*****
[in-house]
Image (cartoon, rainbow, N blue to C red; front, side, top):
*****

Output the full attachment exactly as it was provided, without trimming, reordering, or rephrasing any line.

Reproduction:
[in-house]
Image (cartoon, rainbow, N blue to C red; front, side, top):